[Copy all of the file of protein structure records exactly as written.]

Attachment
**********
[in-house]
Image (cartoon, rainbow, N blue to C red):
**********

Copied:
[in-house]
Image (cartoon, rainbow, N blue to C red):